All religions borrow from the traditions that came before them, and Christianity is no exception. Since Christianity was based on the teachings of a Jewish healer and its earlest members were primarily Jews, it’s no surprise that much of its structure, tradition, and scripture derives from Judaism. The Christian Old Testament is essentially the Hebrew Bible, and even the most influential early translation of that Bible, the Greek Septuagint, was the work of over 70 Jewish scholars translating from the original Hebrew. The Sabbath and feast-days, the singing of Psalms and hymns, choral music, the use of candles and incense, of an altar with a tabernacle and an altar lamp, the “sacrifice” of the mass and the eucharist, are rooted in Judaic practices going back to the Temple days, as are the role of the priest and of special vestments to be worn during services. The structure of Jewish clerical authority with its high-priest became the basis for the Christian hierarchy of priests, bishops, and cardinals, headed by the pope. Even the word “Amen” is Hebrew, usually translated as “so be it,” although it actually means “truly.”
The other major influence on the developing Christian church was a mystery religion that probably originated in Persia from in much earlier Zoroastrian beliefs. Mithraism takes its name from Mithra, an ancient Iranian god of heavenly light, similar to the Aryan Mitra; when the religion was adopted by the Romans, the name became Mithras. The Greeks called this and similar cults — like those of Eleusis, Dionysus, and Isis — mysteria, from a root meaning “to keep one’s mouth shut.” The “mystery” religions in general demanded absolute secrecy, under pain of death, in exchnage for initiation into rites capable of transforming one spritiually and psychologically. This is one reason we know so little about the Mithraic mysteries, the other reason being that nearly all memory of them was eradicated by the victorious Christians.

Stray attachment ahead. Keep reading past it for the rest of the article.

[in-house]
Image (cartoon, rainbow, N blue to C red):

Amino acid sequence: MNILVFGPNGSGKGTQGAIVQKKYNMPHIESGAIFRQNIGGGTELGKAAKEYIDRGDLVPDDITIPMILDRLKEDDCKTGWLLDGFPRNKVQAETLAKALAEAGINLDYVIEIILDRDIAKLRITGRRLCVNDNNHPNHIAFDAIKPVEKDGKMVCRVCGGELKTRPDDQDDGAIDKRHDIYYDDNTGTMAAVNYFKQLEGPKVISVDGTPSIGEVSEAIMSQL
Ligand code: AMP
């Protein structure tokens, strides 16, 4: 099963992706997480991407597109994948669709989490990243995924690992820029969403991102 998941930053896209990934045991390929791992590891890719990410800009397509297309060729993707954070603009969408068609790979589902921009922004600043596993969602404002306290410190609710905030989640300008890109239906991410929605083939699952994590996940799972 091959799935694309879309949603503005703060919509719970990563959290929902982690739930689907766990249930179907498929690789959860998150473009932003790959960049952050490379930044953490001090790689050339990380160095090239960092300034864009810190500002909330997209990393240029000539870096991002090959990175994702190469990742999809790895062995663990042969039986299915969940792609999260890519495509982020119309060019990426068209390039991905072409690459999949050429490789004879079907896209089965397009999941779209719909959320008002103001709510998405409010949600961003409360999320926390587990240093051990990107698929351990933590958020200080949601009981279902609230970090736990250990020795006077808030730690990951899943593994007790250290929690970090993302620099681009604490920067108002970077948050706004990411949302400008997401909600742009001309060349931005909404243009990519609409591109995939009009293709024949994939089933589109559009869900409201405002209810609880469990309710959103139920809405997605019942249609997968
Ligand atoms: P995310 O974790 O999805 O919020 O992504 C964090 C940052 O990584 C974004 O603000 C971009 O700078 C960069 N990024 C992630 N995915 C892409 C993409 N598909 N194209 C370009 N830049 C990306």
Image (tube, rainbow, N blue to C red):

Images of Mithras survive, however, in underground temples from England to Asia Minor, showing the deity as a handsome youth kneeling on a bull while stabbing it with his knife. Some scholars associate this figure with the personification of the constellation Perseus, hypothesizing that the cult arose in response to the realization that the reign of Taurus as the constellation of the spring equinox had been replaced by that of Pisces. The Mithraic cult proved especially popular among Roman bureaucrats, legionaires, and slaves, who celebrated it in grottoes and underground chapels. And it appears to have influenced many aspects of Christian belief and practice. According to attacks on Mithraism by Christian authors, its members celebrated sacraments such as baptism and the eucharist, marked their foreheads with a cross, and believed in Mithras as their savior, redeemer, and final judge. Sunday had always been the holy day of the Mithraists, who also celebrated December 25 as the birthday of the sun, in reassurance that the days had begun to grow longer following the winter solstice.